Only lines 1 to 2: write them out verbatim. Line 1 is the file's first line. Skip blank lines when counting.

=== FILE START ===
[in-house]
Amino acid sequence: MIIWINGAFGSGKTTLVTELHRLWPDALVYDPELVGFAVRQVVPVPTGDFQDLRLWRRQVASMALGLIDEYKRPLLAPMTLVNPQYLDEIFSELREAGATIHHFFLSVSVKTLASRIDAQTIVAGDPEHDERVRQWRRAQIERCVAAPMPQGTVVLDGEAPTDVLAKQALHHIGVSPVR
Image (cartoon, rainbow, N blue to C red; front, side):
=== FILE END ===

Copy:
[in-house]
Amino acid sequence: MIIWINGAFGSGKTTLVTELHRLWPDALVYDPELVGFAVRQVVPVPTGDFQDLRLWRRQVASMALGLIDEYKRPLLAPMTLVNPQYLDEIFSELREAGATIHHFFLSVSVKTLASRIDAQTIVAGDPEHDERVRQWRRAQIERCVAAPMPQGTVVLDGEAPTDVLAKQALHHIGVSPVR